This afternoon, Twitter was buzzing with comments, opinions, etc. of No.1 overall pick Andrew Luck after his first preseason start for the Colts. Understandable with the rookie throwing for 188-yards (10-16 passing) and two TDs. And once I got home from Bears camp, I went back and checked out the QB vs. the Rams. Here are some quick notes…
US PRESSWIREAndrew Luck looked the part of the No.1 overall pick on Sunday vs. the Rams.
- I like the idea to start with the RB “shoot screen” that Donald Brown took 63-yards for the score. What do we normally see with a rookie taking a snap for the first time? A handoff in the run game. Same thing here with the screen. Give him something to start with that you install on the first day of camp.
- Pocket awareness. We talk about all of the time with young QBs because they will panic, retreat vs. pressure and drop their eye level when they are forced outside of contain. I didn’t see that with Luck. He showed the ability to slide vs. pressure, step up and still find an underneath option. That’s advanced at this point in the preseason.
- The “Out” route. WR pre-snap split on the top of the numbers (create room on the sideline), proper footwork from Luck out of the gun and a pass thrown to the up field shoulder—away from the defender. That’s good football.
-The TD pass to Austin Collie. Ace personnel (2WR-2TE-1RB) on the field (Unit Slot Wing formation) vs. Cover 2. Put two verticals (Seam-7) on the deep half safety and read the open (weak) side CB. With the Rams CB sitting short and not sinking with enough depth (puts stress on the safety), Luck was able to target Collie on the 7 cut (corner route) in the end zone.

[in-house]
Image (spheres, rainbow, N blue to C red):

- The inside vertical seam vs. a Cover 2 Mike backer. This is about ball placement. The Mike will open his hips to the passing strength and carry the seam, but Luck puts this throw high and to the outside giving his receiver a chance to go make the play for him.
What can we take from this? Luck played well. There is no question about that. He looked NFL ready with his footwork and ability to read the top of the secondary. That’s a good start, and just as I wrote this morning, it has to continue. He will see some things on the tape he has to correct. But there is no denying the talent here with the Colts' QB.
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This story originally appeared on Nationalfootballpost.com
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